Our picture of the earliest moments of the universe has been evolving, and I’m happy
to say, in some sense has more empirical support than it did before.
The discovery of the Higgs field implies that you can get fields that freeze in empty space.
And that’s a central part of what we think happened in the very early universe.
And if we can detect gravitational waves from the Big Bang we’d have a window on the universe
back to a time when it was a billionth of a billionth of a billionth of a billionth
of a second old, answering questions about the origin of the universe as we know it—ideas
that I speculated upon in my last book, for example—for which we have new evidence that
I’ve described in my new book.
但是在宇宙早期 宇宙的温度 能量以及其中的粒子都非常极端
But because the temperature of the universe and the energies and particles were so extreme
at that early time—when the entire visible universe was contained in a region that was
smaller than the size of an atom—there’s a wonderful symbiosis between large scales and small scales smaller
And if we can probe the early universe back to a time that I described we’ll actually
be probing physics on scales that are much smaller than we can see at the Large Hadron
Collider, 12 orders of magnitude smaller in scale (or higher in energy) than we can probe with our highest-energy accelerator now.
To build an accelerator that would directly probe those energies, we would have to have
an accelerator that’s not just 26 km around, as the Large Hadron Collider is, but whose
circumference is the earth-moon distance
and that’s not going to be built in our lifetime (and probably ever)
So we may have to rely on the universe to give us new information, and that’s why we’re
looking for such signals.
When the universe was a billionth of a billionth of a billionth of a billionth of a second
old our current picture suggests: A field very similar to the Higgs field froze in space,
but it was in what is called a metastable state.
Sort of like… if you have a beer party and you put beer in the freezer because you forgot
你才想起你忘了把啤酒冰镇一下 所以你将它放入了冷冻格 但是在聚会当中
to until the few minutes before the party, and then during the party you forget that
it’s in the freezer, and you take it out later.
你会发现它依旧是液态的 但是当你打开它时 它突然变成了固态
And it’s there—liquid—and you open it up, and suddenly it turns to ice, and the
bottle cracks: The beer is in a metastable state.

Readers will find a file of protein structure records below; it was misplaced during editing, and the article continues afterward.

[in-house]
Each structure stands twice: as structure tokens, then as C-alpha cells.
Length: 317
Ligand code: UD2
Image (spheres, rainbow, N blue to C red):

At that temperature it would rather be frozen except it’s under a high pressure.
当你释放了压力时 它突然冻结 并且释放出大量的能量
The minute you release the pressure it freezes instantaneously, releasing a lot of energy.
As our universe cooled we think the same thing happened; basically a field got frozen but
in the wrong configuration, and as the universe cooled, suddenly—boom!— like those beer
bottles, it changed its state, releasing a huge amount of energy, creating the hot Big
现在 有趣的是 当它处于亚稳态并且储存着能量时
Now the interesting thing is, while it was in that metastable state and storing energy,
general relativity tells us that if you have a field in empty space that’s storing energy
it produces a gravitational effect that’s repulsive, not attractive.
所以有那么短暂的瞬间 引力场为排斥场 然后宇宙大爆炸开始
So during that brief time gravity is repulsive, and the expansion of our universe started
speeding up faster and faster and faster, and the size of our universe (we think) increased
by a factor of 10 to the 30th in scale, or at least 10 to the 90th in volume, in a time
interval of a billionth of a billionth of a billionth of a second.
That means it went from the size of an atom to the size of a basketball in a short time,
and that rapid expansion produced characteristics which pervaded the universe today: The fact
that our observed universal looks flat, the fluctuations, and the cosmic microwave background
radiation all came from quantum fluctuations that happened during inflation.
Inflation is the only First Principles idea that in principle explains why our universe
looks the way it does.
And what’s wonderful about it is it doesn’t require any exotic ideas of quantum gravity
or theories we don’t have, it’s based on ideas that are central to our current understanding
of the standard model of particle physics, just extrapolating them somewhat.
所以 这个很好的解释 即使我们很难相信宇宙大爆炸曾经发生过
So it’s very well-motivated; even though it is hard to believe that it could have happened,
we think it did.